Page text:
Sunday, March 06, 2005

Man's Quest for Wings

When the skies turned up clear and blue Saturday morning, Gail and I knew we were going flying. But where to, today? I had been telling her about the places that small-plane pilots congregate; airports with good restaurants! One of my favorite stops in past seasons had been the "Wild Wings Cafe" at the airport in Reading, Pennsylvania. They had over a dozen varieties of chicken wings, and offered a five-way sampler... mmm! Reading is a nice short jaunt, around eighty miles from here; about a 45-minute flight.

So after chipping the plane out of the hangar (another big snowfall had blanketed Cherry Ridge) we were soon aloft and turning southwest. Gail filmed my takeoffs and landings; I can't sweep it under the rug if I bounce one now, she's got evidence! The day was perfect for flying, the air was calm and far warmer than our last trip to upstate New York.

Cleared to land at Reading, and as it turned out I didn't bounce this one. Rather good, actually. As we slowed and rolled out towards the taxiway, the tower controller called and said "Nice paint job, zero-two papa. Looks good." The sunny day was showing the garish colors of my plane to good effect; I enjoy it, it's fun to have something other than white-with-a-stripe. But then he called again with bad news - the Cafe had closed last fall, what were our intentions? Drat. Well, not a total loss; I turned around on the taxiway (try that in a Learjet!) and obtained clearance to cross the runway to the north end of the field. There, in the airport's older hangars, is the Mid-Atlantic Air Museum. They have a nice collection of vintage aircraft, including a few WWII birds and some classic airliners from the 1950s. We parked 02P on the vast ramp, tied her down and wandered over to the static displays.

The ramp was almost deserted, although the airport was fairly busy with transient traffic. But as we approached a museum guide came out with a small tour group; an Amish family, of all things. A husband and wife and a bunch of kids, all dressed in the characteristic style of the Pennsylvania Dutch. (Since one of the tenets of their way of life is a rejection of the modern world and its technology, it was rather incongruous to encounter them here -- boggling curiously at sleek silver airliners!) We gave in to curiosity too, presumably with less shame, and began exploring the old birds mellowing in the sun.

She's macro, I'm candid
Originally uploaded by AviatorDave.
Airplanes are real expressions of engineering, and an opportunity to examine them closely reveals many interesting details. The materials and structures, and the shapes of things dictated by flowing air; and the added visual excitement of the weathering and age on these old machines, and the colorful paint schemes both military and civilian. So Gail and I both started photographing in earnest, tucking away the sights in the memory cards of our cameras.

Eventually we toured the inside of the big main hangar, for a nominal fee, and looked at the work progressing in the restoration shop. They are restoring a very rare WWII aircraft, a P-61 "Black Widow"; the first radar-equipped night fighter, which was built in small numbers near the end of the war. It's an enormous plane for a fighter, twin-engined and the size of a medium bomber. Their job really amounts to remanufacturing, since all they had to start with was a weathered wreck; but when complete it will be the only flying example in the world. The rest of the hangar houses some smaller static displays and the other flying aircraft of the collection, including the same B-25 "Mitchell" bomber that I got a ride in when I was 14.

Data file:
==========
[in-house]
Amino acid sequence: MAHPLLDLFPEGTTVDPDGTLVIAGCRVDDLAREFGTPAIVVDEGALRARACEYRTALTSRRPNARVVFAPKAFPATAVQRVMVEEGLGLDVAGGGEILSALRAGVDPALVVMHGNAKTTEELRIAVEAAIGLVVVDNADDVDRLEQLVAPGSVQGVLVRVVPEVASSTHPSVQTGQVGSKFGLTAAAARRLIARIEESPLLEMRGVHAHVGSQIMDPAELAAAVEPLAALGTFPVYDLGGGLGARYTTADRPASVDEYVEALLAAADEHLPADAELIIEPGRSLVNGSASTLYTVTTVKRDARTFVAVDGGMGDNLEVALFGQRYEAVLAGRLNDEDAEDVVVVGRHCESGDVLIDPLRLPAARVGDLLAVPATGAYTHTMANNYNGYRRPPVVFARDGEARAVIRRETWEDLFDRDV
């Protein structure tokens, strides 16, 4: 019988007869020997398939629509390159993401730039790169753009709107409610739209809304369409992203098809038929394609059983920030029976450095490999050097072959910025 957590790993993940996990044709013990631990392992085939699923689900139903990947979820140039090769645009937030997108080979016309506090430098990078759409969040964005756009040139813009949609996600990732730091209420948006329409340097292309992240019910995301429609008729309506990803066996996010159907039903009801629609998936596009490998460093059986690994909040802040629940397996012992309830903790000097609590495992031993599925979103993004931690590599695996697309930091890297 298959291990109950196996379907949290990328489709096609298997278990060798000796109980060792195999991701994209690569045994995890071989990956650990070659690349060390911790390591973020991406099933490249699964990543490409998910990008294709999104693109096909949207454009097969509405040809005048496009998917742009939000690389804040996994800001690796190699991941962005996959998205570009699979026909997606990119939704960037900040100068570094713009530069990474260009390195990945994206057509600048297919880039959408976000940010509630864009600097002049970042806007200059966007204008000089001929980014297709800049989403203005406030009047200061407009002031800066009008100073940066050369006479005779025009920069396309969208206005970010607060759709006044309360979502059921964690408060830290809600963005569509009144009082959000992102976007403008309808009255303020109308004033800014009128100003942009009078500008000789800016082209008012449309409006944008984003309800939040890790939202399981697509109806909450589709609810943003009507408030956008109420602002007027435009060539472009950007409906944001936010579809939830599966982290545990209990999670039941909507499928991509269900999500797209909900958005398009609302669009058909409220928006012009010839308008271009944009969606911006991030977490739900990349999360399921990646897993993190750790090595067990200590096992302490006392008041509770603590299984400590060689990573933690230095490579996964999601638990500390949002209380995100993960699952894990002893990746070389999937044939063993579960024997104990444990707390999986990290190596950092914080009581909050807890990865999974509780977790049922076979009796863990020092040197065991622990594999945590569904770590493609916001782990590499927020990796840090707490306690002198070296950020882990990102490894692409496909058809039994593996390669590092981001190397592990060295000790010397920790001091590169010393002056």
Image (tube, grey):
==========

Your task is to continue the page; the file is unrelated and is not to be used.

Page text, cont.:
We maintained our tradition of getting kicked out of museums at closing time, and wandered over to the stage set for the WWII reenactment that takes place every June. It's a clever plywood replica of a bombed-out French village, complete with tacked-on German signs and many other details. Gail found unique perspectives all over the ville faux, especially where the sun and weather had worked on the various surfaces. And while we were outside we saw a unique sight - hundreds, likely thousands, of geese were migrating overhead! In long, undulating lines and vees they were crossing from south to north, heading back to their Canadian summer homes. Apparently the Reading airport is right on their migratory route, something I filed away for the flight back home. I managed a few interesting views with my powerful zoom lens, and Gail caught some nice formations.

Eventually, in hunger, I had to pull Gail away and back to the plane; I decided that the best course would be to fly back home by nightfall and have dinner back north. The flight back was slightly longer, with a light headwind, but we were treated to a handsome sunset just five minutes from home. I actually watched the last sliver of sun disappear over the mountains and wink out.

Driving back home, we stopped at an Irish pub and restaurant: "Molly Maguires" tucked away in the timelost hamlet of Olyphant, PA. (If you ever get the urge to shoot a period film set in a mid-1960s small town, this is your place. Call me for directions.) The menu there is long, pages and pages, and includes many traditional Irish dishes. We finally got our chicken wings, and lots of other things combining potatoes, onions, butter, sausage and beer in various combinations; we ate until we were sated, and well beyond. (*burp*)